Methods: Eighty-eight rats were divided into four groups: 1) negative control (sham operated); 2) periodontal disease; 3) OM; and 4) periodontal disease followed by OM (OMP). Rats were sacrificed 3 hours or 1, 3, or 7 days after OM commencement. Bone volume fraction (BVF) and bone mineral density (BMD) were assessed in hemimaxillae by microcomputed tomography analysis. Expression of the proinflammatory cytokines interleukin (IL)-1β and tumor necrosis factor (TNF)-α were evaluated in gingival samples by quantitative polymerase chain reaction and enzyme-linked immunosorbent assay, and in the furcation region by immunohistochemistry analysis (IHC).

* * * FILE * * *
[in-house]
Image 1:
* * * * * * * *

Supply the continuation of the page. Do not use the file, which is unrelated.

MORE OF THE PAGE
Results: The OMP group had lower BVF and BMD levels compared to the other groups at day 7 (P <0.05). Maximum messenger ribonucleic acid expression of both cytokines was observed in the OMP group at day 1 (P <0.05). In the same period, all proteins were expressed in high levels for all test groups compared to the control group. The number of cells positive for IL-1β and TNF-α by IHC was highest in the OMP group at day 1, with progressive reduction thereafter.

Conclusion: The results suggest that OM acts synergistically with periodontal disease in periodontal breakdown through upregulation of proinflammatory cytokines.
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http://dx.doi.org/10.1902/jop.2012.120510DOI Listing
September 2013

Modulation of host cell signaling pathways as a therapeutic approach in periodontal disease.

J Appl Oral Sci 2012 Mar-Apr;20(2):128-38

Department of Diagnosis and Surgery, School of Dentistry, UNESP-Univ. Estadual Paulista, Araraquara, SP, Brazil.